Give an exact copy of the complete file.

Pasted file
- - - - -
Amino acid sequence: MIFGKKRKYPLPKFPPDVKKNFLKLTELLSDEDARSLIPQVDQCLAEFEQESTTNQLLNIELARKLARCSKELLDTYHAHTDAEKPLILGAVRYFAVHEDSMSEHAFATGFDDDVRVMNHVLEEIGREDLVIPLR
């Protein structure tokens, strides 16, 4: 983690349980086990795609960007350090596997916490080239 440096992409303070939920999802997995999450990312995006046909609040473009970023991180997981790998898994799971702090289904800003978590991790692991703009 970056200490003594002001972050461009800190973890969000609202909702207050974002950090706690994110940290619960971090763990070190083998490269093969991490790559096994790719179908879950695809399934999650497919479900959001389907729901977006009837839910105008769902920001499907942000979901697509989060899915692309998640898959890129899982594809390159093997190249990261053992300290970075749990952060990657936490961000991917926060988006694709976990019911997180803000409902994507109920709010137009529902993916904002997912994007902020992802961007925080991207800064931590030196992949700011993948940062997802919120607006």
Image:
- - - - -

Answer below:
Amino acid sequence: MIFGKKRKYPLPKFPPDVKKNFLKLTELLSDEDARSLIPQVDQCLAEFEQESTTNQLLNIELARKLARCSKELLDTYHAHTDAEKPLILGAVRYFAVHEDSMSEHAFATGFDDDVRVMNHVLEEIGREDLVIPLR
């Protein structure tokens, strides 16, 4: 983690349980086990795609960007350090596997916490080239 440096992409303070939920999802997995999450990312995006046909609040473009970023991180997981790998898994799971702090289904800003978590991790692991703009 970056200490003594002001972050461009800190973890969000609202909702207050974002950090706690994110940290619960971090763990070190083998490269093969991490790559096994790719179908879950695809399934999650497919479900959001389907729901977006009837839910105008769902920001499907942000979901697509989060899915692309998640898959890129899982594809390159093997190249990261053992300290970075749990952060990657936490961000991917926060988006694709976990019911997180803000409902994507109920709010137009529902993916904002997912994007902020992802961007925080991207800064931590030196992949700011993948940062997802919120607006």
Image: